Feathers

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David Orr

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Oct 14, 2011, 10:44:36 AM10/14/11
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Hey all,

I'm working on a project for my independent study in typography this
semester. It's going to be structured as "the story of feathers,"
playing off the correspondence between letterpress printing and the
way feathers are preserved in the fossil record. I'm in the research
phase right now. I raided the Indiana University geosciences library
yesterday and picked up "Glorified Dinosaurs," by Chiappe; "Feathered
Dinosaurs," by Long and Schouten; and "The Jehol Fossils" edited by
Chang. I've got Currie's "Feathered Dragons" volume being delivered
and a friend is lending my Thor Hanson's new book on feathers.

I thought I might cast a net to this group. Anyone have any good
historical writings on feathers? I think that my sources on the
evolution of feathers and important fossils are pretty solid, so I'm
mainly looking for pre-Sinosauropteryx conjectures about bird
evolution.

Thanks for your help, and I promise to share the final product
(whatever form it may take) with whoever is interested.

David

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Michael Barton

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Oct 14, 2011, 11:20:07 AM10/14/11
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When I started reading your list of books, I was going to mention Thor Hanson's new book but you already know of it. Carl Zimmer had an article earlier this year about feathers in Nat Geo: http://ngm.nationalgeographic.com/2011/02/feathers/zimmer-text

Taylor Reints

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Oct 14, 2011, 3:52:27 PM10/14/11
to History of Paleontology
I'm pretty sure Thomas Huxley had some very interesting pieces back in
the 19th century about bird evolution. He was also the first to
suggest dinosaurs and birds shared an ancestor and that some dinosaurs
may have had feathers.
Also, before Sinosauropteryx, Robert Bakker hired an artist to portray
Megapnosaurus (back then called Syntarsus) with feathers, during the
time of the Dinosaur Renaissance -
http://media.photobucket.com/image/syntarsus%20feathers/fenchurch/blargh/olddinobook3/syntarsus-2.jpg.

When immediate ties between birds and dinosaurs were found, Gregory S.
Paul reconstructed avian-like theropods and juvenile sauropods and
ornithischians with feathers/fluff/protofeathers.

David Bressan

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Oct 15, 2011, 6:53:02 AM10/15/11
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Regarding the evolution of the idea of feathered dinosaurs maybe this
article in Scientific American could be interesting, also for the
historic context when the first descriptions of the fossils of
dinosaurs from China hit the broader public interest:

PRUM & BRUSH „Which Came First. The Feather or the Bird? 72-81, there
is also some further bibliography at the end
http://faculty.tcc.edu/RClayton/GOL106_documents/readings/dinosaurs.pdf

Regarding T. Huxley we must mention this article:

SWITEK, (2010): Thomas Henry Huxley and the reptile to bird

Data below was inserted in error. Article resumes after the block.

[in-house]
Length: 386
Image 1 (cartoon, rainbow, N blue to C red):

transition. G.S. Special Publications 251-263

http://independent.academia.edu/BrianSwitek/Papers/335300/Thomas_Henry_Huxley_and_the_reptile_to_bird_transition

Stu Pond

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Oct 16, 2011, 8:45:03 AM10/16/11
to History of Paleontology
David,

You could try Mesozoic Birds: Above the Heads of Dinosaurs by Chiappe
and Witmer (eds). It's post-Sinosauropteryx and the discussion on
feathers is rather concise but it's a wonderful book and worth a look
anyway.

Stu

Schenck

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Oct 18, 2011, 1:51:34 PM10/18/11
to History of Paleontology


On Oct 14, 10:44 am, David Orr <davie...@gmail.com> wrote:
> Hey all,
>
> I'm working on a project for my independent study in typography this
> semester. It's going to be structured as "the story of feathers,"
> playing off the correspondence between letterpress printing and the
> way feathers are preserved in the fossil record
snip

I'm assuming you mean something like how archaeopteryx was found in
lithographic stone (thus the specific name)? Sounds like a really
interesting project. I suspect that the preservation of pigment
patterns will be important too. Aren't some of the Jehol rocks
lithographic quality too? Don't know if they were ever used for that.

Schenck

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Oct 18, 2011, 1:53:02 PM10/18/11
to History of Paleontology
snip
Just realized you could make an analogy between serifs & ligands on
the one hand and barbs and barbules on the other! Ha!

David Orr

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Oct 18, 2011, 3:11:54 PM10/18/11
to history-of-...@googlegroups.com
Yup, something like that. In research phase now, working out ways I
can derive my page proportions from the geometry of the beta-keratin
molecule. Trying to be as nerdy as possible!

just obtained Thor Hanson's new "Feathers" book as well as Pat
Shipman's "Taking Wing," about Archie. Thanks for the suggestions,
everyone.

David

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